The Japanese beetle is a scarab beetle commonly found in Tennessee. This beetle can be a pest of gardens, trees, shrubs, turf grass and agricultural fields. Adults have a bright metallic green head and thorax with copper-colored elytra (hardened wings) and a row of five spots of white hairs on each side of the abdomen below the wings. Japanese beetles injure corn by feeding on the fresh silks of developing ears. This feeding/clipping may interfere with kernel pollination if it occurs during the first week of silking. Drought conditions may exacerbate this issue.
Sampling: Corn fields should be checked the first week of silking to determine the presence of Japanese beetles and other pests of corn. Walk in a U-shaped pattern over the field looking for beetles feeding on silks. Sample 10 plants in 10 locations throughout the field.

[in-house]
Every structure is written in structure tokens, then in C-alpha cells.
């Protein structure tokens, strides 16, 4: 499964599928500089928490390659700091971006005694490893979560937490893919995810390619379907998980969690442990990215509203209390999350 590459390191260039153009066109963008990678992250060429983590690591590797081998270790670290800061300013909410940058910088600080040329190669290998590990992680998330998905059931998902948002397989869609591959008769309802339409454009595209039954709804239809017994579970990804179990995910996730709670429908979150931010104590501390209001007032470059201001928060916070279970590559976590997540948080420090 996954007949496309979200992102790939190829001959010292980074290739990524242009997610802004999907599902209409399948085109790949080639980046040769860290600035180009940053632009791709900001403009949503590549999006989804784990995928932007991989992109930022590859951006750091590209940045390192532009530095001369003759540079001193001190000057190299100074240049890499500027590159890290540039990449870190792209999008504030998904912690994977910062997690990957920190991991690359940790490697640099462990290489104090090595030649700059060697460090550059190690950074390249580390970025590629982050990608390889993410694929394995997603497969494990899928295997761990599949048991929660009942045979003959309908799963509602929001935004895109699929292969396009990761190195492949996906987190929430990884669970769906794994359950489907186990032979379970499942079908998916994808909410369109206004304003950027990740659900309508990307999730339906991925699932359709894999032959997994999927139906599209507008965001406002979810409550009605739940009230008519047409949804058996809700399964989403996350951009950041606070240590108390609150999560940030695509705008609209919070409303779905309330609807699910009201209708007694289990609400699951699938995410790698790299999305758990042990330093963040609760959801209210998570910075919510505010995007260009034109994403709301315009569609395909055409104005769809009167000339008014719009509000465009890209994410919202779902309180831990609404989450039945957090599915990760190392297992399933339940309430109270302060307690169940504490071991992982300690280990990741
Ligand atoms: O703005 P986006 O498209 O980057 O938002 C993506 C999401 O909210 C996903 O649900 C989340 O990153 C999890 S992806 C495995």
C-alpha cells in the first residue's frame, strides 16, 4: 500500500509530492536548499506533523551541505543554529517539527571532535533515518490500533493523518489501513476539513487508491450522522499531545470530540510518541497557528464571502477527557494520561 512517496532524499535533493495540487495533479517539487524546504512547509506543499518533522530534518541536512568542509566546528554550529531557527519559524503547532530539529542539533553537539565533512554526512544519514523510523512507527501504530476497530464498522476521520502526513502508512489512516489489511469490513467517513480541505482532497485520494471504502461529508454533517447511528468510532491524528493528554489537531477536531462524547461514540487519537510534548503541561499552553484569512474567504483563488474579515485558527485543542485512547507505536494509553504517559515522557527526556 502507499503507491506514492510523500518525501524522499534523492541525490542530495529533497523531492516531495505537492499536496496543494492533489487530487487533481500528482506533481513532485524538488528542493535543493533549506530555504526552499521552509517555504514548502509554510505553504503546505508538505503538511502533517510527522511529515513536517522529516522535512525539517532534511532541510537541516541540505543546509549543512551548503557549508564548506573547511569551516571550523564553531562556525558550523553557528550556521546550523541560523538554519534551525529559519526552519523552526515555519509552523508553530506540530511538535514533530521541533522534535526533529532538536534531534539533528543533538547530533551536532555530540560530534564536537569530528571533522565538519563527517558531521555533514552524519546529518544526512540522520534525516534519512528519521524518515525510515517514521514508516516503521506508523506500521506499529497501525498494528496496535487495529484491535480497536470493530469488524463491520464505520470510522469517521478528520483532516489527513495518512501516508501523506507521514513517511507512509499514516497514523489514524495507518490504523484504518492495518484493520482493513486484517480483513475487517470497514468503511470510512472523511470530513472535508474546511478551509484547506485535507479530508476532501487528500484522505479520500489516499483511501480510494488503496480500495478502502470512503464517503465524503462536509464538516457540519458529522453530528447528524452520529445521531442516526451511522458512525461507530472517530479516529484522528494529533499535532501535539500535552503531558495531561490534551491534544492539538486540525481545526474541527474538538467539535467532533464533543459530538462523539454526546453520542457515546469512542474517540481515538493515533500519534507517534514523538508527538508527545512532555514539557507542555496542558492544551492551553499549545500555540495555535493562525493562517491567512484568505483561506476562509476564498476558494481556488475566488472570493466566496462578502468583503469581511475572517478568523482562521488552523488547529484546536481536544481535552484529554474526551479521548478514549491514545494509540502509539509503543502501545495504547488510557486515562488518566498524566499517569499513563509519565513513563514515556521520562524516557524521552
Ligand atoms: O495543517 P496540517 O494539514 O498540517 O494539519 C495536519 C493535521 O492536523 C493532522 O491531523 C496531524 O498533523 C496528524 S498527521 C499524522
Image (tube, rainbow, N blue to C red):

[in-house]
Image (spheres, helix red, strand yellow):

Treatment Thresholds: Treat when three or more beetles are found per ear during the first week of silking. Infestations are usually worse along field margins.
Insecticide (Trade Names) for JAPANESE BEETLE Lb Active Ingredient per Acre Amount Formulation per Acre Performance Rating
bifenthrin (Brigade 2E, Discipline 2E, Fanfare 2E) 0.047 - 0.1 3 - 6.4 oz 8
carbaryl (Sevin XLR Plus 4) 1 - 2 32 - 64 oz 6
β-cyfluthrin (Baythroid XL 1) 0.0125 - 0.022 1.6 - 2.8 oz 8
γ-cyhalothrin (Declare 1.25) 0.01 - 0.015 1.02 - 1.54 oz 8
λ-cyhalothrin (Warrior II) 0.02 - 0.03 1.28 - 1.92 oz 8
Z-cypermethrin (Mustang Maxx 0.8E) 0.017 - 0.025 2.75 - 4 oz 8